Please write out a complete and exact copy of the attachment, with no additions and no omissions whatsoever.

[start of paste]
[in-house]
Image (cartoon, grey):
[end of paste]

[in-house]
Image (cartoon, grey):